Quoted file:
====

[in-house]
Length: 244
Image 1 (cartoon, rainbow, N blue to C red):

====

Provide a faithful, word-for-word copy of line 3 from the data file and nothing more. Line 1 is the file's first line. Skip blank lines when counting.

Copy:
Image 1 (cartoon, rainbow, N blue to C red):